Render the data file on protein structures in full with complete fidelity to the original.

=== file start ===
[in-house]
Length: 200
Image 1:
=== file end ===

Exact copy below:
[in-house]
Length: 200
Image 1: